Richmond businesswoman backs project helping female-owned companies to grow


Lynne Parker met with government minister Lynne Featherstone to discuss challenges women in business face.


By Hubert MacGreevy

Female entrepreneurs from across South West London met with government minister Lynne Featherstone last week to discuss the empowerment of women in business.

Richmond-based business woman, Lynne Parker, was among ten other business women attending a private meeting to discuss the challenges female-led enterprises face and the ways the Government can help them.

The entrepreneurs have received support from the Make it Global project work, which helps London-based companies which are majority female-owned.

Ms Parker founded Funny Women several years ago to train other women in building their confidence for the public sphere. She is now the executive producer of the company and spoke positively about the changes taking place in the business world.

“The business world is changing,” she said. “I am helping to foster that change. Make It Global works with female entrepreneurs and it’s about giving women the confidence they need to start up.”

She explained how Funny Women was a part of that change and its aims were improving confidence and communication for women in the professional world. Funny Women runs work-shop skills training, which prepares women for a wide spectrum of different challenges from stand-up comedy to interview practice.

“I like helping other people to achieve their goals,” she explained.

Ms Parker emphasises the need for a ‘can-do’ attitude in work as well as the need for collaborative work between women and men.

“Men have a different physical make-up to women,” she said. “We are programmed differently to men. From the day we are cognisant as women, this is something we are aware of.”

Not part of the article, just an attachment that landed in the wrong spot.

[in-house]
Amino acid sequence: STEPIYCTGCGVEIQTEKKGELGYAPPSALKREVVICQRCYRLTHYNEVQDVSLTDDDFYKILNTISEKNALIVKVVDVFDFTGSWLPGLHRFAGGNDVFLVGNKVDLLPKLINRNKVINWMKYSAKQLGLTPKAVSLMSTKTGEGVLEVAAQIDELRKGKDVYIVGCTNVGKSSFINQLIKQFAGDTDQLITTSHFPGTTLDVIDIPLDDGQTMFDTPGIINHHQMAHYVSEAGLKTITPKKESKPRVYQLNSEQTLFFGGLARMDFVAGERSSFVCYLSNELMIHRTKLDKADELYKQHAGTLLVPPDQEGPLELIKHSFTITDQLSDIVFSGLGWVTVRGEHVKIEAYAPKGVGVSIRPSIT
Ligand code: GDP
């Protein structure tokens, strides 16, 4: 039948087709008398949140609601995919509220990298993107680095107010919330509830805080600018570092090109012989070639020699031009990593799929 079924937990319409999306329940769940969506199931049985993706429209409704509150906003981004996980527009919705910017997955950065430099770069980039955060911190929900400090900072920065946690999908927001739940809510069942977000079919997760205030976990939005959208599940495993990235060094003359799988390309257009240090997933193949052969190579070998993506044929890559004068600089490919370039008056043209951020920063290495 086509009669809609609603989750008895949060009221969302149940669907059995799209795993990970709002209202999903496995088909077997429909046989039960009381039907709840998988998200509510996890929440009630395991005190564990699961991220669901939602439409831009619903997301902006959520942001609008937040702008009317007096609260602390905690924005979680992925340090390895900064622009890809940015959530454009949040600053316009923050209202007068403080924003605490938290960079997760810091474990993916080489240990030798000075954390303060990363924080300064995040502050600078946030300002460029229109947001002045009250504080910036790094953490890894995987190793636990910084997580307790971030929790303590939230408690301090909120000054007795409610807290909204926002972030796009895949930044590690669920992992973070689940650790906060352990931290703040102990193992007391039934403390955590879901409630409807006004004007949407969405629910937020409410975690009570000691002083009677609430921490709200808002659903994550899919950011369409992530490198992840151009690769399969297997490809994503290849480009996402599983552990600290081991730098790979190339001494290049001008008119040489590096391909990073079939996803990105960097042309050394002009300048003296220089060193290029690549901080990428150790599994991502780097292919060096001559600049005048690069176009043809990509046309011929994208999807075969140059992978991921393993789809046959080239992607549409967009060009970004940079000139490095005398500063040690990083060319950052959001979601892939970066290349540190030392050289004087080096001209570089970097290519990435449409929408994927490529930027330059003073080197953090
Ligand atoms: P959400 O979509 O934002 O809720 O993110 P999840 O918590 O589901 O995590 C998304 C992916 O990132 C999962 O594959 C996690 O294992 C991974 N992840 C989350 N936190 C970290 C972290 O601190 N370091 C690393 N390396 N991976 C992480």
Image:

Ms Parker is keen to stress that whilst a feminist, her views are not hostile to the role of men in the work-place. What she supports is a fair gender balance, which allows equal opportunities in business.

“When you have too many men imposing their masculine values on politics and business, you have got to have a balance,” she said. “I want equality for the men in my life as well as for the women. It is so important that we learn to get the best out of each other.”

Ms Parker praised the support given to Make It Global by Lynne Featherstone, Minister for Regional Development and Liberal Democrat MP at last week’s conference.

“I think we do need government support to make sure women have ambassadors at all levels,” she added.

When asked about women, like Margaret Thatcher, who supposedly ‘pulled up the ladder’ to prevent other women from following them, Ms. Parker implied that this is still a common occurrence in society.  

“What you do get with these sorts of women is the idea to have the fight on her own,” she said. “Had Margaret Thatcher had more women in her cabinet, she may have survived a bit longer.”

To date, the Make It Global project has worked with 290 businesses across London.

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